Adding colour and getting ready to print.
Once reasonably happy with the progress, it was time to submit the model as a sequence of screen shots along with coloured visuals for the factory to provide their costing estimate.
Because my training has yet to progress to colouring my model within ZBrush, I opt for a process I understand.
ZBrush allows the user to select from a wide variety of materials for the model to be displayed in. I selected a white chalk and saved a snapshot of my model from all appropriate angles with the plug in section both floated away and in situ. These snapshots were opened in Photoshop where I experimented with flat colours applied on a separate later set to ‘Multiply’ which allowed the tonal values of the snapshot to maintain the form, while my colour layer merely altered the hue.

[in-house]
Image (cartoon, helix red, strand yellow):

Once I’d established the overall colour scheme from one angle, it was a matter of sampling each flat colour (with the snaphot layer hidden) to arrive at a colour palette that I could employ on all other views. Because the intention was to paint the ‘dildo plug’ separately and bond into place later, I coloured it up in the detached state.
When all angles were coloured, I marked up separately a set of Pantone colours for the factory to follow.
Thankfully, the factory didn’t need the physical model to arrive at their price.
While we waited for the factory to come back with numbers, I made minor changes to the model. Nothing so drastic that it would alter the price, but small adjustments to texture and subtle positional tuning getting her ready for 3D printing.